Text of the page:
Coconino National Forest Flagstaff, Arizona 86001Official Website
Perhaps the most consistently birdable of the “M Lakes”, since it always has water (usually with at least some open water even in freezing weather) and is accessed by a paved road, so access is fairly consistent in winter. The deep end near the dam is a good place to check for loons and scoters. Use the various pull-offs along the road to scan for rafts of ducks, grebes, herons, gulls, Bald Eagles, Osprey, and shorebirds. Warblers and sparrows use the willows and cottonwoods along the lake, and this is a good spot to find Mountain Bluebirds and Pinyon Jays.
Lower Lake Mary, Upper Lake Mary, and Mormon Lake are linked by one of Flagstaff’s most scenic drives. Accessible from Flagstaff or from Stoneman Lake Road along I-17, the drive can be done in roughly 2.5 hours or can be combined with camping, fishing, hiking, skiing, or a meal at the Mormon Lake Lodge.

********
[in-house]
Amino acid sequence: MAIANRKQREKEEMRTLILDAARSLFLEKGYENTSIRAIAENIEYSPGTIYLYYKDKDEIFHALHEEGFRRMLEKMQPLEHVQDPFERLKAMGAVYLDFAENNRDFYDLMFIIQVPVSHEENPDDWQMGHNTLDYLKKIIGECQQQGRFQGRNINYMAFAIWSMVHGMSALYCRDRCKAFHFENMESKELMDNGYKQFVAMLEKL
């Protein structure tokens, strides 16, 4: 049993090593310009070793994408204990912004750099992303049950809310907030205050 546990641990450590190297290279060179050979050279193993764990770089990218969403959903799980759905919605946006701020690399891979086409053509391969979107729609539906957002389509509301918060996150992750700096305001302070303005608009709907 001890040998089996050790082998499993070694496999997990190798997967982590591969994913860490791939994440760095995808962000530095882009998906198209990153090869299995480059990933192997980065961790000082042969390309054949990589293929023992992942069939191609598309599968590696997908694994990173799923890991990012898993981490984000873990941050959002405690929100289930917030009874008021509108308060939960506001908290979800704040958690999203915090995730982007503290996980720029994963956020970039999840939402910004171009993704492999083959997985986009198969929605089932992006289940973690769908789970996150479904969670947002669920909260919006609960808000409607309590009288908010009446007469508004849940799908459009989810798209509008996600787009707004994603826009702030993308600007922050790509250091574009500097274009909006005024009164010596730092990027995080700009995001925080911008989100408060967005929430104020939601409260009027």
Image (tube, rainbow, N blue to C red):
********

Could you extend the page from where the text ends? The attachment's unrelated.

Upper Lake Mary is the largest of Flagstaff’s twin lakes. It is also the one farthest from town. This long, narrow impoundment is especially popular with power boaters and water skiers because there is no motor size limit on it. But it’s also popular with those who prefer people power or wind power over horsepower. For that reason, you’re liable to see everything from jet boats to rubber rafts, canoes and sailboats all sharing this same body of water.
A lot of people come here to fish, too. The lake has northern pike, channel cat, crappie, and some trout. Lake Mary Narrows Recreation Area provides excellent access facilities for disabled anglers by means of paved lakeshore ramps. Two developed campgrounds, Lake View and Pine Grove are nearby. There are two paved boat ramps at the parking area with picnic tables/ramadas and bar-b-que grills and toilets. You’ll find a lakeside picnic area and another boat ramp at Lake Mary Narrows further southeast in addition to its paved fishing access ramps.